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Labour is ‘real, serious and here’, Jeremy Corbyn tells star-studded Birmingham rally attended by 6,000

Corbyn addressed a crowd at music festival-style event

Labour is “going all-out” to win the General Election and show its doubters that the party is “real, serious and here”, Jeremy Corbyn has told an impassioned rally.

The Labour leader addressed a crowd of around 6,000 in Birmingham, alongside the likes of comedian Steve Coogan and the band Clean Bandit, in a music festival-style event.

Mr Corbyn was also joined by Saffiyah Khan, whose photograph went viral when she confronted an EDL protester in the city, for an event that was beamed to celebrity-endorsed Labour rallies in Barry, Brighton, Glasgow, London and Warrington.

He accused Theresa May and the Tories of underestimating Labour when they called the snap election and claimed they now rarely repeat the “strong and stable” slogan used at the start of the campaign, as polls have narrowed.

Mr Corbyn said the turning point in the election campaign was Labour’s manifesto, which included what polls indicate are popular policies such as renationalising key industries, borrowing to invest in infrastructure and boosting spending on the NHS and education, while increasing tax for corporations and the top 5% of earners.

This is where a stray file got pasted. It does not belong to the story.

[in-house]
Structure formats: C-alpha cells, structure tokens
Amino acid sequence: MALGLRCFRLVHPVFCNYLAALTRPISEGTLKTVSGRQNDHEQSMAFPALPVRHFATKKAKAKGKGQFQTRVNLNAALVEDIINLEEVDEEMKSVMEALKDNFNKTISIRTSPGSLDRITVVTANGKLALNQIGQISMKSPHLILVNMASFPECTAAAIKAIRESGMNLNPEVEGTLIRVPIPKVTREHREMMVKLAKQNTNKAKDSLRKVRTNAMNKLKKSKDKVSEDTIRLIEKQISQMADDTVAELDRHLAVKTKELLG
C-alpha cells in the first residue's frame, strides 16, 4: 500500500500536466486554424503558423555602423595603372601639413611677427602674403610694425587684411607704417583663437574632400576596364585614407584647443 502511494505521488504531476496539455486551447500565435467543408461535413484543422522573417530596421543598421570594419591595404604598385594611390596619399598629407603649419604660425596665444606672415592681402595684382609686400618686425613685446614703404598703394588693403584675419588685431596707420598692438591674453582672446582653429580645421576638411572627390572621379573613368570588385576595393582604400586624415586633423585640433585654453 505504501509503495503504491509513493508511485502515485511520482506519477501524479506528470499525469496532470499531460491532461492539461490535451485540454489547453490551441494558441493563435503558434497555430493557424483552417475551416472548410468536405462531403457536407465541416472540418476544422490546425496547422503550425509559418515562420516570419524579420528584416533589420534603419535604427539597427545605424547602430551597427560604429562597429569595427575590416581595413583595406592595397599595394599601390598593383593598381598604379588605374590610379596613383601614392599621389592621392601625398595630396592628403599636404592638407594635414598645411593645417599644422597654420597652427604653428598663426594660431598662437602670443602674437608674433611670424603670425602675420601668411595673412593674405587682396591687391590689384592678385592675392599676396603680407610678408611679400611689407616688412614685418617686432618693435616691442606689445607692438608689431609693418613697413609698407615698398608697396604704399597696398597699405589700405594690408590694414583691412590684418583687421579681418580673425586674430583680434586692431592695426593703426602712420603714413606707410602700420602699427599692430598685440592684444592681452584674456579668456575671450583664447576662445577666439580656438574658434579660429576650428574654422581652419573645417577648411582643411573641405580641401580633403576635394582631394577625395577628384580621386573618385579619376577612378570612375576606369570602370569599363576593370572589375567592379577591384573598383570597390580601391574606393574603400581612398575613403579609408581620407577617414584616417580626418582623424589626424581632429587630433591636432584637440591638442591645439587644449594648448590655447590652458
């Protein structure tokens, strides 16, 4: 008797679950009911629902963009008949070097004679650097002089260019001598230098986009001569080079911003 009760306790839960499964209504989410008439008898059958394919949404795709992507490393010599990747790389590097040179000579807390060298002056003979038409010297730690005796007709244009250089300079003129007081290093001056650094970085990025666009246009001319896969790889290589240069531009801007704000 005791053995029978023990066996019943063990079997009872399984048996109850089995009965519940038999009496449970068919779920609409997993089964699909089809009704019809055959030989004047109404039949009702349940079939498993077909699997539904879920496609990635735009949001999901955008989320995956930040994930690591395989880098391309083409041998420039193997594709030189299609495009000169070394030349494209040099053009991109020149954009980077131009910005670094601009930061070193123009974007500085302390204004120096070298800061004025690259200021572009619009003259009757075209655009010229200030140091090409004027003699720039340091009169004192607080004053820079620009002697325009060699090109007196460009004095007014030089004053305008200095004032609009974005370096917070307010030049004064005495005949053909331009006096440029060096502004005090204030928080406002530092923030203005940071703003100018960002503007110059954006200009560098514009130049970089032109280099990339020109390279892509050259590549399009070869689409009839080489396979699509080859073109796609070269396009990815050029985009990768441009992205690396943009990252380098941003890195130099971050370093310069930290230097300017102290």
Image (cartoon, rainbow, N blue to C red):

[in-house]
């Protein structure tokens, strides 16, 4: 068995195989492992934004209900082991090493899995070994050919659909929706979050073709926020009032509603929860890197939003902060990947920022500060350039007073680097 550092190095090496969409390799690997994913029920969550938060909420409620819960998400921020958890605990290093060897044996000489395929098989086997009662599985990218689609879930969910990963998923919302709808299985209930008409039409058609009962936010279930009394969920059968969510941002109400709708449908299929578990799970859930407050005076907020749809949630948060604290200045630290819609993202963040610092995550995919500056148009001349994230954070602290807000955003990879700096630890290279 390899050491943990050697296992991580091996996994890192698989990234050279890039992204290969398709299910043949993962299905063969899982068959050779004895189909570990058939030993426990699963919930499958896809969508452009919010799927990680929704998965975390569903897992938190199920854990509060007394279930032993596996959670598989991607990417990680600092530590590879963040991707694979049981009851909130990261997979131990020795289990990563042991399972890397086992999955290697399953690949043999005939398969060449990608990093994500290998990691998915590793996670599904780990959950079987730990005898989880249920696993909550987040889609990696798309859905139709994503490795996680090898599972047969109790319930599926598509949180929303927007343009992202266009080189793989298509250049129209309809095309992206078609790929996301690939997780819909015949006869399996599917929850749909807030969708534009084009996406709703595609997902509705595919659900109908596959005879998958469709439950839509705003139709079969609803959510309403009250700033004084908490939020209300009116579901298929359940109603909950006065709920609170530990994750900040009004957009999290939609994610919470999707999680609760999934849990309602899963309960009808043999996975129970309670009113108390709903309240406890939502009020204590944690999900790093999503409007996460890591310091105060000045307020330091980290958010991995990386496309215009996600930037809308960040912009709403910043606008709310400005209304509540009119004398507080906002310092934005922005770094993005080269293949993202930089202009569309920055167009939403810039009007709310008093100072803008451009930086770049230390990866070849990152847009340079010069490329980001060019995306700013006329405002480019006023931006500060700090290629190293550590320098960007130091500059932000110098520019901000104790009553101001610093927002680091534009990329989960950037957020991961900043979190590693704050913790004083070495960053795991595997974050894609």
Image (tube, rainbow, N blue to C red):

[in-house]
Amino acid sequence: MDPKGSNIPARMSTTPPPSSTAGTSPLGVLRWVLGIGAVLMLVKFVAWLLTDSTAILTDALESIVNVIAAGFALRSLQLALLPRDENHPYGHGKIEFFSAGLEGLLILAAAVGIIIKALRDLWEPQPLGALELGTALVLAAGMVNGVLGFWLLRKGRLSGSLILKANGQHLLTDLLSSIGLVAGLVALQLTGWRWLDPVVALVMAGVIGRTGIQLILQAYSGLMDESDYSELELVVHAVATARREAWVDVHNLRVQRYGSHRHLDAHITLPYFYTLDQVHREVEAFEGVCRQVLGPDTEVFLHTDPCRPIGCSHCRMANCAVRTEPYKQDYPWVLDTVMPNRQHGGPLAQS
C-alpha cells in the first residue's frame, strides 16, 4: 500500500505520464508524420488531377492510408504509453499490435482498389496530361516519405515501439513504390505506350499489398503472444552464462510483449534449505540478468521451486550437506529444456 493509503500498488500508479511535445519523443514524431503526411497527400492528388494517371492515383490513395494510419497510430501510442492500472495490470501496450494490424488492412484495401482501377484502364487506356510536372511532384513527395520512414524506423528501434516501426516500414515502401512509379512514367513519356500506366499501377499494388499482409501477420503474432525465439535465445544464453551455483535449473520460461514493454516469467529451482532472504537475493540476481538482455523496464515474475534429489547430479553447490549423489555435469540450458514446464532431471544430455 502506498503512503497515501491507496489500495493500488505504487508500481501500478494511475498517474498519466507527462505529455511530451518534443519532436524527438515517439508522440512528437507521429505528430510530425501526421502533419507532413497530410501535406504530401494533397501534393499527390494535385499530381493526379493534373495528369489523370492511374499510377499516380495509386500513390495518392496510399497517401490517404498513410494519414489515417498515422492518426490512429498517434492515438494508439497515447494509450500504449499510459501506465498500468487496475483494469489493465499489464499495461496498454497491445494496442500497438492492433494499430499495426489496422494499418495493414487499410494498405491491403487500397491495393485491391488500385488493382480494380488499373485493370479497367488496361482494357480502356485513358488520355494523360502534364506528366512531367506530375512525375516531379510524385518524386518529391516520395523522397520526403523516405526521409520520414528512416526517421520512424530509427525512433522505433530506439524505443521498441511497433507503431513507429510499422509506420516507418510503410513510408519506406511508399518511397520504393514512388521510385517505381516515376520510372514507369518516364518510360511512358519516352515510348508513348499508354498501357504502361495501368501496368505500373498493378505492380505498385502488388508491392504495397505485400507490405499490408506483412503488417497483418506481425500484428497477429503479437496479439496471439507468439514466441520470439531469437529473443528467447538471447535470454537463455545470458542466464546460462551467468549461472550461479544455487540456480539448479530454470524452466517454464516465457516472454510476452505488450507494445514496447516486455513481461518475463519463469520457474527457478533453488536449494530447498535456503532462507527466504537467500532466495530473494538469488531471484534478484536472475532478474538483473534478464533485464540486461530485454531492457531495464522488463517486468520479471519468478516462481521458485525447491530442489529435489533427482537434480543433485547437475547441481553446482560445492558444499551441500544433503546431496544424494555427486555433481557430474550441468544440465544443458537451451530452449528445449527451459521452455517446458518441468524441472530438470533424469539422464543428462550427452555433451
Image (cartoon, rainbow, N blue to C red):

After crowd chants of “for the many, not the few”, Labour’s campaign slogan, he said: “Let’s work together across the whole country to show them our programme is real, serious and here. And we are real, serious and here.

“And do you know what? We are going to change things.”

With just over a day until the polls open, Mr Corbyn promised to leave “no place untouched, no stone unturned”.

“We are going all-out to win this election,” he said.

Earlier, Alan Partridge actor Coogan could not resist a dig at the Prime Minister, who many have seen as having a difficult campaign, and Foreign Secretary Boris Johnson, who made his only major intervention of the campaign on Tuesday in a speech laden with personal attacks on Mr Corbyn.

“Theresa May it seems now after all is not Margaret Thatcher mark II, she’s got the charisma of a pancake,” Coogan said.

“So they’ve had to wheel out Boris Johnson, the Tories’ upper class twit. Boris Johnson, the Tories’ clown, except he’s not that funny.

“He’s about as funny as tightness in the chest followed by shooting pains down the left thigh.”

The rally was closed by indie veterans The Farm, playing Labour’s campaign anthem All Together Now. Elsewhere, acclaimed actress Maxine Peake joined shadow business secretary Rebecca Long-Bailey at the event in Warrington, with musical entertainment from Reverend and the Makers.

In London, shadow chancellor John McDonnell was joined by comedian Ben Elton while rockers Wolf Alice performed a DJ set.

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